Canada’s Answer to the Great Resignation? Behold the Great Retirement

The Great Retirement

Since the pandemic erupted in 2020, employers north of the 49th parallel have been told to brace for an exodus of workers: a phenomenon known in the U.S. as “The Great Resignation.” And while there has indeed been a significant amount of turnover in the Great White North, compared the U.S. the impact has been relatively muted. In fact, some observers say that the Great Resignation isn’t really happening in Canada at all.

And so, this certainly means that employers across the country can breathe a sigh of relief, since unlike their American counterparts they don’t have to worry about mass resignations and hyper-competitive talent markets, right? Wrong.

It turns out that Canada is, in fact, experiencing its very own exodus of workers, except the primary group of folks who are making their way towards the exit aren’t heading to another job: they’re heading for retirement.

The July 2022 employment report from Statistics Canada revealed that a record 300,000 Canadians retired between July 2021 and July 2022. That was up a whopping 30 percent from the same time last year, and nearly 15 percent from the few months heading up to the outbreak of the pandemic in early 2020.

What’s more, nearly 150,000 newly-minted retirees over the past year are between the 55 and 65 years old, which puts them in the “early retiree” category. This was nearly 50 percent higher from last summer, when the number of early retirees fell to their lowest levels since 2013 — a dynamic that was no doubt driven by older workers who opted to stick it out during the first several months of the pandemic — but finally said enough is enough (possibly over a video call with infuriatingly choppy audio and video).

The takeaway for employers who are either losing valuable workers to retirement, or who suspect that a costly retirement wave is coming? There are two action items: be proactive about making the workplace older worker-friendly, and verify (and through a third-party if necessary) that subtle and systemic age discrimination has not taken root. Let’s start with the former.

Tips for Making the Workplace Older Worker-Friendly

The Society for Human Resources Management (SHRM) and HR Daily Advisor, respectively, suggest these best practices for making the workplace attractive and inviting for older workers:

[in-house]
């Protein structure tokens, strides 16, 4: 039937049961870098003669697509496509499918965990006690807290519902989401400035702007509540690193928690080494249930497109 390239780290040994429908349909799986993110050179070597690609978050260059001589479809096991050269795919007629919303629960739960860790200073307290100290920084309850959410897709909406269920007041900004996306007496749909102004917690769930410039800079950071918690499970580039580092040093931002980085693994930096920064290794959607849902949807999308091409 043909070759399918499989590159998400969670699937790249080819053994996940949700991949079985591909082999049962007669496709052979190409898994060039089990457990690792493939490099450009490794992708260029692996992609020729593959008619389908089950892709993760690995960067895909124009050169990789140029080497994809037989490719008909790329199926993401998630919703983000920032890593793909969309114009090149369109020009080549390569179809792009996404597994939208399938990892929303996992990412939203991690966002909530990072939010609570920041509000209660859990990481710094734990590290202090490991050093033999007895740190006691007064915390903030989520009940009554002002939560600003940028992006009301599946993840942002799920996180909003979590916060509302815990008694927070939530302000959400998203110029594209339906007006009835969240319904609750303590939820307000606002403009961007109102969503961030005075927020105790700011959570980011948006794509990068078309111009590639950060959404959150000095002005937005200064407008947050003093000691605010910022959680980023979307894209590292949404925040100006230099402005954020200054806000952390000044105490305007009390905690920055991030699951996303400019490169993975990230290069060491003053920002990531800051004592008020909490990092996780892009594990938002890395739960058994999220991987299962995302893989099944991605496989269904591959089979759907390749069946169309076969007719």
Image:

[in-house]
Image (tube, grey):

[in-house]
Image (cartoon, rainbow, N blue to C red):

• Include people of all ages in your diversity and inclusion (D&I) strategy.
  • Eliminate policies that exclude older workers such as messages displayed on the company website, or in announcements that only show photos of younger workers.
  • Remove questions from job applications that ask age-related questions such as date of birth or date of graduation.
  • Include older workers on interview panels.
  • Avoid terms in job ads like “high-potential” and “energetic” and “digital native” which can be viewed as code for “young.”
  • Develop employee resource groups that are multigenerational.
  • Use employees’ personal stories as a way to challenge age stereotypes.
  • Offer benefits that appeal to older workers, such as health insurance, retirement benefits and long-term-care insurance.
  • Make employee learning and development programs available to all employees.
  • Train supervisors and managers to know how to motivate and engage subordinates who are older than them.
  • Conduct surveys to see what types of benefits or changes older workers want.
  • Provide training sessions to help older workers understand new technologies.
  • Ensure that absence policies are implemented fairly.
  • Analyze and adjust job duties to make tasks less strenuous (sometimes this may be achieved by extending deadlines).

Subtle Signs of Age Discrimination in the Workplace  

Leaders need to objectively know — not subjectively assume — that age discrimination has not taken root in their organization. The SHRM and AARP, respectively, highlight these subtle signs:

  • Laying off older workers while simultaneously hiring younger ones.
  • Directing older workers to train younger people in their current job duties.
  • Abruptly shifting responsibilities, such as certain accounts, to younger workers.
  • No longer giving raises to older workers.
  • Suddenly giving older workers poor performance reviews, despite them having a positive history.
  • Assigning older workers with new goals and expectations that are difficult for anyone to realistically reach.

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